Sunday, July 27, 2014

Mustard Recipes From the Late 19th early 20th Centuries

These recipes are taken from a commercial source. The quantities are for commerce and I have no idea how to scale them down. So, if you have a lot of friends to give gifts to, this is for you. Where dram weights are given, know 1 dram (drachm) is 1.77 gram weight equivalent.

All recipes should stand for 10 minutes once the mustard is mixed with the liquid. Cooking or heating decreases the strength of the final product.

A hand mill in case you want to make mustard.



Gumpoldskirchner Must Mustard
—Evaporate 30 quarts of freshly pressed wine-must to one-half its volume over a moderate fire, dissolve in it 5 lbs. of sugar, and strain the whole over 2 or 3 roots of horseradish cut in thin slices. Then add in the form of fine powder, cardamoms 0.35 oz., nutmeg 0.35 oz., cloves 0.63 oz., cinnamon 1 oz., ginger 1 oz., mustard seed, ground and freed from oil, brown 6 lbs. and white 11 lbs. Grind the whole several times in a mill and strain.

Gumpoldskirchner is a city in Eastern Austria. Our ancient fathers had nothing to waste, so if the grapes didn't get enough water, or too much water, or not enough sun, or too much sun and would never make good wine, the "must" or expressed grape juice, prior to it's fermenting, was used. Here, to make a fabulous mustard. Gumpoldskirchner wine always has these two grape varieties Zierfandler and Rotgipfler.  

Moutard des Jesuits.—Make a paste of 12 sardines and 280 capers and stir it into 53 ozs. of boiling vinegar, and mix with it ground mustard-seed freed from oil, brown 5 1/2 ozs. and white 14 1/2 ounces.

Freed from oil means, mustard seeds, de-hulled, ground, pressed to extract the mustard oil, and then dried to a powder, reground, packaged for commerce. The best is Mustard Flour. Flour makes a creamy smooth mustard. I always wonder about the "12 sardines and 280 capers". It would be a nuisance to count them.

French Mustard.—Ground mustard 2 lbs., and 1/2 oz. each of fresh parsley and tarragon, both cut up fine, are thoroughly mixed together; further 1 clove of garlic, also add, cut up very fine, 12 salted anchovies. Grind the mixture very fine, add the required must and 1 oz. of pulverized common salt, and for further grinding dilute with water. To evaporate the water after grinding the mustard, heat an iron red-hot and cool it off in the mixture, and then add wine-vinegar of the best quality.

Salted anchovies would be reconstituted in the water or vinegar, prior to grinding for use. I find them easy to separate and remove the spine bones. These bones are so tiny. If you have a good food processor you could grind them without the labor of removing the spines.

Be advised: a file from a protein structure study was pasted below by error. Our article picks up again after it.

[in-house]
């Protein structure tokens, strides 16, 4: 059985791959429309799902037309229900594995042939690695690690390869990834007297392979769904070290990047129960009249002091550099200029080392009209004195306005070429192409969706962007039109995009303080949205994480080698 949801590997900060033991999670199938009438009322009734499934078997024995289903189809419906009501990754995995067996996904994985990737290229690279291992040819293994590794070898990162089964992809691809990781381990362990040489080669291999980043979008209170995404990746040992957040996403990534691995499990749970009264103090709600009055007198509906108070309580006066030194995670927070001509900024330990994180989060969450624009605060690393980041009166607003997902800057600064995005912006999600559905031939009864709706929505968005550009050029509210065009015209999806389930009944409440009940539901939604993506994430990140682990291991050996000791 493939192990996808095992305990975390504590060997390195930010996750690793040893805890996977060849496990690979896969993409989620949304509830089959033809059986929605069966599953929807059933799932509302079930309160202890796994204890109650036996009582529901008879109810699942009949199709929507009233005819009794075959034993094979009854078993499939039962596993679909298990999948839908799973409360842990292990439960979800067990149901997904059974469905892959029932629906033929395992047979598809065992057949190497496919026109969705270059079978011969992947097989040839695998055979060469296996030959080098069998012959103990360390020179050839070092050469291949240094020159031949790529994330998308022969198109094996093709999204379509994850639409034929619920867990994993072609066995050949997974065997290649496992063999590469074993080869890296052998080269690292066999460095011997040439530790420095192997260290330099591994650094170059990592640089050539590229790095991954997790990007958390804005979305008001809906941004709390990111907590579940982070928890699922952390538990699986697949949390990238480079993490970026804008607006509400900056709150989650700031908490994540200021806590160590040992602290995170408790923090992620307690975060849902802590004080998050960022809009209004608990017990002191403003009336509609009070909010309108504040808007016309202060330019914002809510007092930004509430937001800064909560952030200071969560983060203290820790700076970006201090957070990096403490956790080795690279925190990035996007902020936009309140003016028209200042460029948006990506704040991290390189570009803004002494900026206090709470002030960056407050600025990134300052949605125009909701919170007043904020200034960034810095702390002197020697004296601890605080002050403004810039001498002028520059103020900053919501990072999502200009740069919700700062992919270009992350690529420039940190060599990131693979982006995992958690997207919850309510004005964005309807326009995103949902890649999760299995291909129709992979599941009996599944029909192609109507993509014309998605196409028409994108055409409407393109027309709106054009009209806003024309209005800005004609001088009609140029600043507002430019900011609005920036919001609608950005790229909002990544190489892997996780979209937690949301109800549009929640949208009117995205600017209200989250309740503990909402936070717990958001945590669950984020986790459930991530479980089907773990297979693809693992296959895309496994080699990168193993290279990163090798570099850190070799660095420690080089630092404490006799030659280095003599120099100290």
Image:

Salted anchovies are dried anchovies and available at Asian Supermarkets. I have made this, using an 8" piece of rebar. It's nearly impossible to get the rebar hot enough. When I can, I'll have a metal worker (that's blacksmith) fashion a wrought iron poker with a spade end for this recipe.

Ordinary Mustard.—I. Stir gradually 1 pint of good white wine into 8 ozs. of ground mustard-seed, add a pinch of pulverized cloves, and let the whole boil over a moderate fire. Then add a small lump of white sugar, and let the mixture boil up at once.

Ordinary Mustard.—II. Pour 1/2 pint of boiling wine-vinegar over 8 ozs. of ground mustard-seed in an earthen pot, stir the mixture thoroughly, then add some cold vinegar, and let the pot stand over night in a warm place. The next morning add 1/2 lb. of sugar, 3/4 drachm of pulverized cinnamon, 1/2 drachm of pulverized cloves, 1 1/4 drachms of pepper, some cardamom and nutmeg, half the rind of a lemon and the necessary quantity of vinegar. The mustard is now ready, and is kept in pots tied up with bladder.

Ordinary Mustard.—III. Pound to a paste in a mortar the flesh of a salt herring, and 2 ozs. of capers, and mix this with 2 ozs. of pulverized white sugar and 13 ozs. of ground mustard-seed; then pour 1 3/4 pints of boiling wine vinegar over it, stir, and let the whole stand near a fire for several hours. Finally add 3/4 pint of boiling vinegar, stir thoroughly and pour the mustard into glass bottles.

Frankfort Mustard.—Mix 1 lb. of white mustard-seed, ground, a like quantity of brown mustard-seed, 8 ozs. of pulverized sugar, 1 oz. of pulverized cloves, 2 ozs. of allspice, and compound the mixture with white-wine or wine-vinegar.

Wine Mustard.—Ground mustard-seed, white, 23 ozs., brown 12 ozs., common salt 2 3/4 ozs., wine vinegar 8 1/2 ozs., a like quantity of white wine, and water 16 ozs.

Aromatic or Hygienic Mustard.—Ground mustard-seed, white, 23 ozs., brown 12 ozs., wine vinegar 17 1/2 ozs. Extract allspice 0.35 oz., cassia, white pepper, and ginger, of each 0.17 oz., with alcohol 1 1/2 ozs., and water 8 1/2 ozs., add 3 1/2 ozs. of common salt and a like quantity of sugar, filter the whole and add it to the mustard.

Düsseldorf Mustard.—Ground mustard-seed freed from oil, brown 3 ozs., white 8 1/2 ozs., boiling water 26 1/2 ozs., wine  vinegar 18 ozs, cinnamon 0.17 oz., cloves 0.1 oz., sugar 11 ozs., white wine 18 ozs.

Sour Düsseldorf Mustard.—Fill 2 casks with vinegar, steep in one of the casks 2 lbs. of origan [sic! oregano] leaves, and in the other an ordinary bucket full of onions cut up, and let them digest for 2 days. Then bruise 44 lbs. of white mustard-seed and 66 lbs. of brown; put this in a vat and add 1 lb. of pulverized cloves, 1 1/2. lbs. of pulverized coriander seed, and 4 1/2 gallons of each of the prepared vinegars. Stir the whole thoroughly and grind it twice in a mill. To every gallon of this add and mix thoroughly with it, 1 lb. of salt dissolved in 1 quart of the onion vinegar.